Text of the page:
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In his work at the U.S. Army Medical Research Institute of Infectious Diseases, Mark spends his days coordinating programs that enable researchers to develop medical defenses against biological warfare threats. It's high stakes research involving cutting-edge technologies, yet Mark admits that his role as leader of a large team of people working to improve the operation of the research institute provides perhaps the biggest challenge of all: "My current job deals more with people than with technology, which in some ways, is the more challenging of the two." Inspired by his undergraduate microbiology professor at Madison, he went on to earn a Ph.D. in microbiology. His dedication and perseverance have guided him in making a difference in the world. While USAMRIID's primary mission is to protect military personnel, its work is critical to society as a whole as researchers develop vaccines, drugs, diagnostics and information that can safeguard people from biological warfare and endemic diseases. Anthrax, botulism, encephalitis and hemorrhagic disease might not be the work jargon that most people would be comfortable with, but Mark is happy to be right where he is -- in the vanguard protecting people against potential biological threats.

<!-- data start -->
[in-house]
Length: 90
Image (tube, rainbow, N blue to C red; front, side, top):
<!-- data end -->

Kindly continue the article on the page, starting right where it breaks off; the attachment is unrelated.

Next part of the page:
"It is a challenging and exciting time to be a researcher in the life sciences. ... What we do helps to protect the people of this nation."